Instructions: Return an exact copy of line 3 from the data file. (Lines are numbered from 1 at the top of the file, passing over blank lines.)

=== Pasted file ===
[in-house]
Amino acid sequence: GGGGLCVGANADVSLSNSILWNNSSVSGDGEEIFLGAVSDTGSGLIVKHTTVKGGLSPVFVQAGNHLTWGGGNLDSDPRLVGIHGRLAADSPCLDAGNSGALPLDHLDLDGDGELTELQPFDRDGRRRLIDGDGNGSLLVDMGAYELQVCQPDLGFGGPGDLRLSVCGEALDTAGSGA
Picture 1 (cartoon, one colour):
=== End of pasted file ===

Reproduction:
Picture 1 (cartoon, one colour):